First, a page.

France has unveiled a plan aimed at reducing the carbon footprint of the maritime sector over the next seven years. Boosted by funding of 300 million euros, the industry is looking towards a greener future with the objective of building a zero emission vessel.
The French secretary of state in charge of maritime affairs, HervéBerville, announced the “France-Mer 2030” plan during a conference in Lille on Tuesday 8 Nov.
France-Mer 2030 will offer a “one-stop shop” for the state to reduce its carbon footprint in the maritime transport sector, primarily in greenhouse gas emissions such as carbon dioxide.
The plan will also promote innovation with “the zero-emission ship as the horizon”, Berville said.
Support will come in the form of a ten-month consultation period with all the players in the sector and a unit within the Ministry of the Navy.
“A decarbonisation trajectory will have to be defined for each type of fleet,” he said, insisting on the need to quickly remove “technological issues” to decarbonise fishing, commercial and tourism vessels.
With this in mind, the government plans to mobilize “€300 million in public funding by the end of the five-year term” but also to “create a maritime investment fund to increase support through subsidies, equity investments and guarantees”.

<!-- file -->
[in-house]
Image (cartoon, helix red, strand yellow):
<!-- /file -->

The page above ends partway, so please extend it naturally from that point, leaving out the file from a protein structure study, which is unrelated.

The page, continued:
This mechanism would go hand in hand with the mobilisation of private funds, Berville said.
The Armateurs de France – a professional body representing 57 companies in the maritime industry – was quick to offer its support to the government initiative.While only 12 percent of the ships used in France are built in the country, compared to 80 percent in 1980, Berville underlined the need to make the future zero-carbon ship “as French as possible”.
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Meanwhile, the CEO of CMA CGM RodolpheSaadé for his part announced that the French shipowner would endow the new France-Mer fund with €200 million.